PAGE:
News: Updated Links for School Media Licensing in the US


It’s the time of year when international positions for School Librarians/Media Specialists are being posted for the following year.  The question I receive the most is usually about whether it is crucial to have the School Media certification in addition to a Master’s degree.  The answer is yes if you want to land a position in a top school although as I have pointed about before it is possible to obtain one without.  However if you can prove you are working on the certification and have prior experience teaching or working with kids then this will greatly improve your chances.

How to become certified?  The process if similar for both US and non-US citizens.  Basically you need to decided on a state and send your transcript in to be evaluated for a fee  in order to know what courses will be required for you to receive the endorsement.  They should also be able to share a list of places you can take the course (either online or in-person).  If you are not a US resident then you will need to have your transcript ‘translated’ first (Google: US transcript evaluation). If it is found to be US-equivalent then send your original along with the translation and fee to the state you choose.

How to choose a state?  This is a bit sticky as each state differs in their requirements.  Part of the reason for this post is that School Media Monthly took down its page where it listed them by state with links.  Bummer….however I have found three new links which should be helpful.  I am sharing them here and have updated the Book Resources page as well.  When I find the time (ha!) I am going to try and do some further, updated research on this subject.

State Certification Requirements for SMS
This is a very useful article by two LSU Library School Professors (my alma mater!) although with a 2003 publication definitely needs to to be updated.  However it is a good place to begin.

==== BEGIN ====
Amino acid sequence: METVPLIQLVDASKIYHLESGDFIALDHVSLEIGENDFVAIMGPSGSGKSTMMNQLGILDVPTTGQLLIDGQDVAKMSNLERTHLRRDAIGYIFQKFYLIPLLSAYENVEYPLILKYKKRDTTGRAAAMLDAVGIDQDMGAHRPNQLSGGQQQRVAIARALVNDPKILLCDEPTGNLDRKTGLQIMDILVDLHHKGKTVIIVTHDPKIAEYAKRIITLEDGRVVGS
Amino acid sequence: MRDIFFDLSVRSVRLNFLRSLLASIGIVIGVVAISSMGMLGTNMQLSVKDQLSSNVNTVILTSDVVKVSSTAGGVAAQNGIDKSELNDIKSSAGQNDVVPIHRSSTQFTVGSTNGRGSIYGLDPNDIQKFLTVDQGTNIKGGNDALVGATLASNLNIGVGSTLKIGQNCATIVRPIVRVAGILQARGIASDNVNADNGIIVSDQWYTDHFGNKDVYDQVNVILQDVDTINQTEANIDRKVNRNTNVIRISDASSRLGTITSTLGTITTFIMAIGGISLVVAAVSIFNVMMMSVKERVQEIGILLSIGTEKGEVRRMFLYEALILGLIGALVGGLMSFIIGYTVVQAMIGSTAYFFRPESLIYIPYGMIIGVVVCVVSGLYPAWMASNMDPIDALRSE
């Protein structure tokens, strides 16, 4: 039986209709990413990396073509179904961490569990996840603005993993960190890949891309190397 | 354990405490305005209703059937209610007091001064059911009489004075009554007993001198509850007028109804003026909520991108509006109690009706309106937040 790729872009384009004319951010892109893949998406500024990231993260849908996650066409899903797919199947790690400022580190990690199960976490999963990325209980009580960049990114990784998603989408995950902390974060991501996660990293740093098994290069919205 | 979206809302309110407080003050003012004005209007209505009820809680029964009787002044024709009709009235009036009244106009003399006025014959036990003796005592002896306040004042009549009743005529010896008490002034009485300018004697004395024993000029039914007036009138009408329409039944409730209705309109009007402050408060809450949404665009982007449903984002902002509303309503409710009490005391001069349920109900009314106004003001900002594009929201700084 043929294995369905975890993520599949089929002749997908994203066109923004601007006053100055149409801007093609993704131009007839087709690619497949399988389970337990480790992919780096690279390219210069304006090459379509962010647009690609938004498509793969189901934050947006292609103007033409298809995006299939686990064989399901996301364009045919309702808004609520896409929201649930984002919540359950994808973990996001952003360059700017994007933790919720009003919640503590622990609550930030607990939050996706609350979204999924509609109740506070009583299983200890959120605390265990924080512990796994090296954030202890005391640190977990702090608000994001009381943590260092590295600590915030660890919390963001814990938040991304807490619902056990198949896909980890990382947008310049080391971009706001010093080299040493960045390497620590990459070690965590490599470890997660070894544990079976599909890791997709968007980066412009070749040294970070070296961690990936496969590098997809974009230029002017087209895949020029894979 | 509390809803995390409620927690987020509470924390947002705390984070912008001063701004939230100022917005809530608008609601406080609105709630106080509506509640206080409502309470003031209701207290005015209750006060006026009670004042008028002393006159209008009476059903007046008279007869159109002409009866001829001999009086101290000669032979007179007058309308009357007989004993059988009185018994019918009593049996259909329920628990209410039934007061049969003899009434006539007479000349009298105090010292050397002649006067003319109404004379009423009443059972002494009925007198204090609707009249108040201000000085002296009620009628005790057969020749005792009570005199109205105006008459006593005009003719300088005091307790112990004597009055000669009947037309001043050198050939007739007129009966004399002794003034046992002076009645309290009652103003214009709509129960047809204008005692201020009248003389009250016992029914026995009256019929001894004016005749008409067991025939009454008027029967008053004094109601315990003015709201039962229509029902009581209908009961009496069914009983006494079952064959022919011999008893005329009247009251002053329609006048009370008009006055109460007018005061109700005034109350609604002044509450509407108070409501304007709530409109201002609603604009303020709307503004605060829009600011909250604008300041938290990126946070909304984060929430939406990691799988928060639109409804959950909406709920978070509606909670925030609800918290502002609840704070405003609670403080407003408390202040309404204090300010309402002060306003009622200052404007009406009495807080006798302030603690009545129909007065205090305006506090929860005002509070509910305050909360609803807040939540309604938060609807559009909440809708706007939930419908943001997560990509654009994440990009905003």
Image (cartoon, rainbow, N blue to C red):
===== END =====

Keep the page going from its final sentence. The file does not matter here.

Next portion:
Teacher Certification by State
Links to all the Education Licensing pages which will help facilitate research.
ALA Education & Licensing Page
A general information page with some useful links.

3 thoughts on “News: Updated Links for School Media Licensing in the US

  1. Thank you! This a great post! The process of getting certified does seem a little confusing though. I have an MLIS and I would really like to fast track the whole process. Can anyone give advice on which state and program is the quickest way to getting teaching certification? I don’t mind distance education. Also, it doesn’t sound like international schools require a library media certification like many state schools. is that correct?


    • Hi Lisa, First of all most international schools do require certification. This is because of accreditation requirements and also because, as part of the visa process, many international schools must prove that nationals are not qualified for the position and certification helps proves that you are. It does not mean that certified librarians are better but those are the rules of the game. The easiest way to approach getting certified in the US is to click on the link I provided in the post, the SLJ article by the LSU professors, and note the states that say “NO or N/A” in the first column (States which require teacher certification) and also “NO or N/A” in the second column (States which require teaching experience) and finally “NO or N/A” in the third column (States which require a practicum). These states should be the ones you should research further as they will provide the easiest, fastest way to certification. Looking over the article those states would be: Florida, Georgia and Maine although please note that the article was published in 2003 and you will need to contact the Education Departments of these states in order to verify this information. I can add that I am certified in Maine and was able to obtain my provisional when I was already employed overseas by taking online courses and then submitting the transcripts. I hope this information helps. Safe travels, Sarah P.


      • Thank you Sarah! I appreciate your insight and I love your blog. You help your readers to dream a little and discover the real life possibilities. Keep up the great work!


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